First up were two March releases. The first from Erykah Badu was ‘New Amerykah Part Two (Return of the Ankh)’ the second in her trilogy of New Amerykah albums. The first is the excellent ‘New Amerykah Part One (4th World War)’ from 2008, which focused on politics, war and ghetto violence but for Part Two, Badu switches to discuss love in all its forms. At first this extreme left turn makes the album feel too slight but it is a fully formed, ambitious work of depth that will reward amply for those who give it time.

Next is Mulatu Astatke’s new release ‘Mulatu Steps Ahead’ which sees the founder of Ethio-jazz do himself proud with an album of subtle, slow burning grooves that centre on the downbeat tracks he explored on ‘Inspiration Information Vol.3’ with The Heliocentrics.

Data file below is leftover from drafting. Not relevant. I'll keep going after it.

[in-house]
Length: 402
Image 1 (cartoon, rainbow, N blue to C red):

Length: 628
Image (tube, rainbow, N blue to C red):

Noise was the genre that ran through the month with new efforts from Nice Nice and Growing. The former’s ‘Extra Wow’ (their first on Warp Records) is propelled by the motorik rhythms associated with early Kraftwerk and Neu! but far from being plagiaristic the band uses them as a springboard for developing their own sound. I was impressed with ‘Extra Wow’ and how everything just clicked into place after finding their initial singles underwhelming. Growing have long been an established feature on the noise scene since they formed in 2001, developing from a wispy ambient drone-based sound to creating walls of harmonically and rhythmically complex noise that emanates from their banks of analogue equipment. Latest album ‘Pumps’ adds new member Sadie Laska on vocals and drum machine rhythms are included for the first time. ‘Pumps’ has some great tunes yet feels like a transitional album, though it prompted me to investigate their previous works like ‘Vision Swim’, mini album ‘Lateral’ and ‘All the Way’.  The detailed harmonic waves of sound, dense rhythms created without drums blew my away and fortunately weren’t the headache-creating treble fests I had anticipated.